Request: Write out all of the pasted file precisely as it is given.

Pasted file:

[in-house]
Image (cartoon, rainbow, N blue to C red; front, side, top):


[in-house]
Image (cartoon, rainbow, N blue to C red; front, side, top):